Transfiguration | Last after Epiphany

Mark 9:2-9

2 Six days later Jesus took Peter, James, and John, and brought them to the top of a very high mountain where they were alone. He was transformed in front of them, 3 and his clothes were amazingly bright, brighter than if they had been bleached white. 4 Elijah and Moses appeared and were talking with Jesus. 5 Peter reacted to all of this by saying to Jesus, “Rabbi, it’s good that we’re here. Let’s make three shrines– one for you, one for Moses, and one for Elijah.” 6 He said this because he didn’t know how to respond, for the three of them were terrified.

7 Then a cloud overshadowed them, and a voice spoke from the cloud, “This is my Son, whom I dearly love. Listen to him!” 8 Suddenly, looking around, they no longer saw anyone with them except Jesus.

9 As they were coming down the mountain, he ordered them not to tell anyone what they had seen until after the Human One had risen from the dead. (CEB)

Transfiguration

Human beings have a fascination with power. The entire comic book industry, and a lot of movies and books, are about people who have powers. Star Wars is about Jedi and Sith who have the power to manipulate the Force.

On the DC side of comics: Wonder Woman has super strength, she can fly, she has indestructible bracers and a lasso of truth. Vixen has her ancient Tantu Totem that lets her harness the powers of animal spirits. Batman has his wealth, his tech gadgets, and his fearlessness. The Legends of Tomorrow have a variety of skills, abilities, and cool technology. The Flash has his superspeed. Green Arrow has his fighting skills and perfect accuracy with the bow. Superman has his array of powers thanks to our yellow Sun. And Supergirl has everything Superman has, and I watched her beat him in a straight-up fight on the CW.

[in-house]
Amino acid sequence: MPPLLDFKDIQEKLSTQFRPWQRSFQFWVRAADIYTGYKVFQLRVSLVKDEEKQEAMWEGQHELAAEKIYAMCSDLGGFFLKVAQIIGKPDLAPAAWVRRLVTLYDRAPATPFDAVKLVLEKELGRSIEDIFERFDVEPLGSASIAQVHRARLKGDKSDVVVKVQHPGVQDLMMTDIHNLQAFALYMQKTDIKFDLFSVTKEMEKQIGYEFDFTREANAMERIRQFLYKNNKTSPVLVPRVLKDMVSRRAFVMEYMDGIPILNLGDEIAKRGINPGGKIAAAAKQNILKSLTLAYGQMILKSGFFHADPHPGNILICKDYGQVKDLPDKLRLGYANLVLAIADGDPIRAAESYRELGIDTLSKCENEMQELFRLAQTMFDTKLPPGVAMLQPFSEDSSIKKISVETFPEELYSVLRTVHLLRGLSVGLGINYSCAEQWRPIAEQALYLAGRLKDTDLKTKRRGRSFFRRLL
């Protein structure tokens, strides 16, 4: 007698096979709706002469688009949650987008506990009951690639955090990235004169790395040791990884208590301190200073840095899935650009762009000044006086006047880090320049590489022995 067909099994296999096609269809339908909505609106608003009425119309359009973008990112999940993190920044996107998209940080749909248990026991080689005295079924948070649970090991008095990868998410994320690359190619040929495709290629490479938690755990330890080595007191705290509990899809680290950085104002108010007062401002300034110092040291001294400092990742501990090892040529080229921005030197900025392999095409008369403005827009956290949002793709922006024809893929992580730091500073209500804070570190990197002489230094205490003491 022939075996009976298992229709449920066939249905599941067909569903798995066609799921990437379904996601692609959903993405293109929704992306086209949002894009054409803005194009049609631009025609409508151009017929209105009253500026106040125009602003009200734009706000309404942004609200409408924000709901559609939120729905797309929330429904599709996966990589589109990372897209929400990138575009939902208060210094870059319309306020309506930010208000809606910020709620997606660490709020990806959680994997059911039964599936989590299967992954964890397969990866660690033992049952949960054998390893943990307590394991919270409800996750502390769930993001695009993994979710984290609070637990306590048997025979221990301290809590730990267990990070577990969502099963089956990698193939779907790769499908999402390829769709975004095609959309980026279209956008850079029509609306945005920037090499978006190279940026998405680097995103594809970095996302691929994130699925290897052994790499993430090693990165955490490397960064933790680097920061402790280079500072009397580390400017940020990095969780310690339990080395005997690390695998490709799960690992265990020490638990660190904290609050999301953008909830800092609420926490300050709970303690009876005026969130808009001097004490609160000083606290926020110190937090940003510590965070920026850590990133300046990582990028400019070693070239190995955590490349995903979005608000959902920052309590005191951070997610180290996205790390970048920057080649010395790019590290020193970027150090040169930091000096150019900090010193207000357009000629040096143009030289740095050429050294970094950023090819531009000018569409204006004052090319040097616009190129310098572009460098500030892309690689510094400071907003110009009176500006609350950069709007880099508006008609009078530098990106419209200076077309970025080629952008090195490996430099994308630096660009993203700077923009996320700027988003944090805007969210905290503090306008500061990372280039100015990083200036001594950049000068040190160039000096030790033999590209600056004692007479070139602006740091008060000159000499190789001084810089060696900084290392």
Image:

In the Marvel world of comics: Black Panther has his super senses, strength, speed, agility, stamina, and healing abilities, plus Wakanda’s advanced technology. The X-Men (and Women!) have all kinds of powers and abilities based on their x-gene mutations. Captain America has his serum-induced strength and self-healing. Iron Man has his wealth, tech, and an awesome suit full of weapons that lets him fly and make things explode. Spiderman has his web-slingers and spider abilities.

We can find worlds full of magical powers in books and movies: the Harry Potter series, the A Court of Thorns and Roses series, The Waterfire Saga, and The Lord of the Rings series. And when it comes to computer games, my favorite class is the Elementalist, which uses earth, water, air, and fire magic to blow bad people and monsters to pieces.